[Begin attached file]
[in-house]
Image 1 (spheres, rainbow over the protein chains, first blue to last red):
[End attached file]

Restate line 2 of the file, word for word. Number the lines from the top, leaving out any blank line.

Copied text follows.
Image 1 (spheres, rainbow over the protein chains, first blue to last red):